A set of twins joined at the head, in what is medically referred to as craniopagus twinning, were successfully separated at the Red Cross War Memorial Children’s Hospital, a report says.
The twins, Siphosethu and Amahle, who were born in the Eastern Cape in February, were taken to the Cape Town hospital at only 4-days-old, IOL reported.
“We were fortunate in this case that the connection did not involve any shared brain tissue and didn’t involve major [blood] vessels going from one twin to the other,” the report quoted Professor Tony Figaji, head of paediatric neurosurgery at Red Cross War Memorial Children’s Hospital as saying.
Craniopagus twins occur approximately once in every 2.5 million live births worldwide.
A multi-disciplinary team at Red Cross War Memorial Children’s Hospital has performed a successful separation surgery for twins Siphosethu and Amahle, who were joined at the head (the rarest form of conjoined twinning). Read their incredible story here: https://t.co/eJAeej4mSD. pic.twitter.com/DN8iZUoCAG
— Western Cape Gov (@WesternCapeGov) May 11, 2021
The report quoted the mother of the twins, Ntomikayise Tyhalisi, as saying: “I am overjoyed! I wasn’t expecting to leave here holding my children one in each arm.”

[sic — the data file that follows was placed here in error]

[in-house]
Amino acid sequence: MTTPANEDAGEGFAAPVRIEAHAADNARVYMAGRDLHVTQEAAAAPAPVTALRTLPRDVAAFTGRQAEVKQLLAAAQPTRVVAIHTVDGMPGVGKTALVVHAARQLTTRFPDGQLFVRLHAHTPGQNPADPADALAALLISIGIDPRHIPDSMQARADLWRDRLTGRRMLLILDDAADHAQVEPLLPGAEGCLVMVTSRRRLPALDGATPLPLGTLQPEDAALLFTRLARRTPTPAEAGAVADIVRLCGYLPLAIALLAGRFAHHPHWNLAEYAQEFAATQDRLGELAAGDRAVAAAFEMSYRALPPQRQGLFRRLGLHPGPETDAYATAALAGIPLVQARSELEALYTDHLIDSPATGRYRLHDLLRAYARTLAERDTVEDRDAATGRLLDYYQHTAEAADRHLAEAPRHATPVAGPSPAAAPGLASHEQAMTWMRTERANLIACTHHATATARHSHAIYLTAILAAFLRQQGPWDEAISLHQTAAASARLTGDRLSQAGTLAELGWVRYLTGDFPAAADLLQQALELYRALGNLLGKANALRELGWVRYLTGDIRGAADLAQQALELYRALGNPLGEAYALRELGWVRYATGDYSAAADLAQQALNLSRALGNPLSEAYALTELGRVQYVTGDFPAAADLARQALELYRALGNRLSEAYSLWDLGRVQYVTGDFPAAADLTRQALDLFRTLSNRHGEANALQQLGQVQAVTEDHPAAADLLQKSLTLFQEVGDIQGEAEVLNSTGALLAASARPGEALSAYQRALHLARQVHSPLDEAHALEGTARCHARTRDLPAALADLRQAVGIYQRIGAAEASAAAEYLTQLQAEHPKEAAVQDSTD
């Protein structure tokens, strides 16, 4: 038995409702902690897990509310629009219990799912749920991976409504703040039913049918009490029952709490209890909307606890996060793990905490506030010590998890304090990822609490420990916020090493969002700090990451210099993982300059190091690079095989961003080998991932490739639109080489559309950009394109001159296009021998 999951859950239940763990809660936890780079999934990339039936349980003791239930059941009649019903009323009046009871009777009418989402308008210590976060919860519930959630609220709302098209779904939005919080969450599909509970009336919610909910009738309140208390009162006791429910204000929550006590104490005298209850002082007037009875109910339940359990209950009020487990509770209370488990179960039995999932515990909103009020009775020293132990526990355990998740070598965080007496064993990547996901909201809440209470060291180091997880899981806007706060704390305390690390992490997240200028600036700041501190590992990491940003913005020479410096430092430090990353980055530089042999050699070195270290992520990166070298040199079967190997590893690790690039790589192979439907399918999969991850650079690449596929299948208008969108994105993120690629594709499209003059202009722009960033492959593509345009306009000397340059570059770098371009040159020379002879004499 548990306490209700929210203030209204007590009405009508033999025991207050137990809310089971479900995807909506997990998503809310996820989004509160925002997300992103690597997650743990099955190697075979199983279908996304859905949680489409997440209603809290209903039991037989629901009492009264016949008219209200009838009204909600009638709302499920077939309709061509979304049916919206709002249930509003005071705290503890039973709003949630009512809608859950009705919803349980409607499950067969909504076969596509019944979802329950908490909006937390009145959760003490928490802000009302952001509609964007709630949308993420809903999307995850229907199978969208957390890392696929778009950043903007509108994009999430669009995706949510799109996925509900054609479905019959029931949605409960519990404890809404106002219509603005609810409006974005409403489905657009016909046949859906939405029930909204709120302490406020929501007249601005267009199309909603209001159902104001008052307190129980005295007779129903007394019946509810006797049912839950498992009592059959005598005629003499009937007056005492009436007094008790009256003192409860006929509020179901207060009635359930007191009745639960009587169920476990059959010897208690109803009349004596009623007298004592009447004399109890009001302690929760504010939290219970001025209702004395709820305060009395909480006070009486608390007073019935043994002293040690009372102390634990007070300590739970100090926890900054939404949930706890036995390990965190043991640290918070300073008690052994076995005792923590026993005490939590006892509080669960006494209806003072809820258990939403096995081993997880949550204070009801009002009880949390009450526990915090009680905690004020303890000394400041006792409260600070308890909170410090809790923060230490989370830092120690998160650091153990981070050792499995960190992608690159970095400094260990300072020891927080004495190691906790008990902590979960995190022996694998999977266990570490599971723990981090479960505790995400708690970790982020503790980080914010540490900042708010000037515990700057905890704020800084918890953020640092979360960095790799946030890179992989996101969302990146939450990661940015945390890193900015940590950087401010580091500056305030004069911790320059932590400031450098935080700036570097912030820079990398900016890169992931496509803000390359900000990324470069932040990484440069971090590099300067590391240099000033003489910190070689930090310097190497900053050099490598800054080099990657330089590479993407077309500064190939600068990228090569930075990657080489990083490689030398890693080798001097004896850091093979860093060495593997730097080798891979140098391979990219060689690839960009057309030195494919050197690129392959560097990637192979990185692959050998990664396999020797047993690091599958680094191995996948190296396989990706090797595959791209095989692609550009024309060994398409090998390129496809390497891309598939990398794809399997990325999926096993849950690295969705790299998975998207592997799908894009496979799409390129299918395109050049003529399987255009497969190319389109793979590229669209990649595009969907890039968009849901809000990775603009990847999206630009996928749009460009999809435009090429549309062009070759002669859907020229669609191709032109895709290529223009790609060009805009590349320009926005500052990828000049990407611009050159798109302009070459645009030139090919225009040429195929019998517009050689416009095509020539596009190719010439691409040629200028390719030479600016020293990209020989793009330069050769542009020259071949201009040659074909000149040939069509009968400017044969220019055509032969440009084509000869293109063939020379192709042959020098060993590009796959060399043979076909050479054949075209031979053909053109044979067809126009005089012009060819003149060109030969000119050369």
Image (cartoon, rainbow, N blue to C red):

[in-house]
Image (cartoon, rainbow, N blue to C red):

Professor Saleigh Adams, head of plastic surgery at the hospital said a team of surgeons was prepared for a marathon surgery.
“We were prepared for a six-hour, at least, surgery. On this occasion, the surgery lasted all of one-and-a-half hours. This is a huge plus for the recovery of the twins,” News24 quoted Adams as saying.
The focus now remained on ensuring the healthy healing of the surgical areas, the report said.
Both patients and the mother were doing well and continued to receive follow-up care.
In 1988, another pair of conjoined twins were separated.
AP reported at the time that doctors separated the 17-month-old Siamese twins, joined at the head, in an intricate operation that took 7 1/2 hours.
They described the surgery by a 40-member medical team on Mpho and Mphonyana Mathibela as successful.
Mpho proved to be the stronger twin after the surgery, which led to her having to leave her weaker sister, Mphonyana, behind. Having been more afflicted after the surgery than her sister, Mphonyana died of pneumonia a year after they were separated, South African History Online said.